You may get lost in the scenery of the face. Every day I marvel at the tip of her daughter’s chin like the V of a flying goose. I trace her slightly raised upper lip with a bulge like a soft rose petal. In conversation, I am fascinated by how her husband’s eyebrows are proportioned and flattened like the mesa of a range. Seeing these familiar landmarks makes me think: i know this place i love this place.
But what about my own face where the landscape always avoids me? Why can’t you stand it?
Only 4 photos left on my phone for the past year just myself. Most mothers understand the small tragedy of being an observer, but they are seldom observed. Her husband has gotten better at taking pictures of me, but I still frequently run away from the lens or crouch when I don’t pose. Remove photos that are not traditionally attractive. Sometimes I find myself scrolling through albums without my face left, wondering if a part of me has been lost over time. Ten years from now, twenty years from now, what will I remember about women in this moment?
Mirrors are deceptive. She can see herself, but she can’t keep the image in her head. It disappears as soon as you look away, making it difficult to remember what you looked like. how other people see me Do we all feel so alienated from our faces? Or is this a medieval phenomenon, like a fogged window, where certain details get blurred? When I say I want more pictures of myself, what I really want is proof of my presence in the world. I really just want to be seen.
When I was in high school, we didn’t have digital phones yet, so everyone carried around disposable film cameras. We whipped them in history class, in the chaotic back kitchen of after-school work. As if we were minor celebrities, we spent our spare change developing pictures of ourselves and handing them out to our friends and loved ones. It was a time of beautiful solipsism.
I remember a friend and I once had a photo shoot in a rose garden. We wore low acid-wash jeans and navel-baring tops. We posed among gazebos and banyan trees and looked into the distance. Back then, we were lithe, energetic, and ready for life to begin, but we were totally unprepared for the homesickness, heart-breaking men, and alienation of the cold city we encountered in college.
The other day, I showed my daughter a picture of the rose garden. The glare of the sun blows most of the details away, but we were terrible photographers. But some things remain vivid. It was clear to everyone that we desperately loved ourselves. I am blown away by the new clothes I bought at the mall and obsessed with my body. We were very vigilant about how we moved in the world with determination, if not composure. I wondered what it would be like to love myself so unrestrained and unapologetic.
The word “selfie” may sound precious. It alludes to narcissism and resonates with a certain sense of ridicule. But I like that intimate feeling. There is something between you, and the mental distance between your brain and body is reduced. Selfies, unlike self-portraits, are less risky. We’re all posing for selfies, but they suggest candor.
I started taking it myself. I also bought a tripod for this purpose.
At some point during the day, I step away from my desk and sit in a comfortable spot. I often sat in a blue-green reading chair by the window, blue like the bay on a summer day. Other times, I collapse into bed exhausted without makeup on. No matter what I wear or how I feel, I take pictures. I vow to keep it even if I don’t like the way it looks. Day by day I am becoming my own historian.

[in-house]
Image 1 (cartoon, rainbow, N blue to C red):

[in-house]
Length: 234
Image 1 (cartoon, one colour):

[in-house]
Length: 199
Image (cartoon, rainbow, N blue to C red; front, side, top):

I always get annoyed when my daily life is interrupted. I live most of my life in my head. novel plot, because I tick off my mental to-do list, I feel uncomfortable when this comes back to my body, even if only temporarily. I found myself asking, What rights do I have in front of the camera? Do you want to dedicate album space to yourself? There is no getting away from the fact that I am, on some level, asking for permission to exist.
When I look at my selfies at night, I see something like the old teenage me, a young woman who, despite speaking confidently, had so much to learn. The scenery on her face became more and more familiar. Below her nose is a double wrinkle reminiscent of an elm on her straight trunk. My cheeks, along the contours of my face, are fuller than they used to be, but there’s still a hint of her hairline veins that’s depressed like a river on a map. Black eyes (her classmates called them “Devil’s Eyes”) that watch over everything carefully.
I hope to continue taking daily selfies for at least a year. In the snow-covered garden, in the background a thousand children splashing, sweating in the pool, dressed up for the holidays, dressed up on a lazy Sunday morning, seasonal pictures of me. There are 365 of his. It’s exciting to think that we can look back on this record. Will I get more wrinkles? (Yes.) Do you want to change your hairstyle? (Maybe.) Will I somehow be comfortable in front of the lenses I’ve spent most of my adult life avoiding? (Hopefully.) At this stage in life, an album of selfies feels like a triumph.
It used to be embarrassing to pay so much attention to your face. Now that attention is how I find my way home. For a few moments, while I study myself obsessively, I also embrace all my past selves that meander through this evolving landscape. We are here, we are together, and we will be known.
taotai She is a writer and editor in Ohio and lives with her husband and daughter. her debut novel, banyan moon, will be released in June. Tao also contributed to Cup of Jo about his absentee father, mother’s style and physical affection.You can subscribe to her newsletter here.
PS 12 readers share what they love about their looks and their mothers in pictures.
(An illustration: Alessandra Oranau for jaw cup)